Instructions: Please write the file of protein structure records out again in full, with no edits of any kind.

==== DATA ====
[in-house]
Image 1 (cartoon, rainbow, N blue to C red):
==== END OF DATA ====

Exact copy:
[in-house]
Image 1 (cartoon, rainbow, N blue to C red):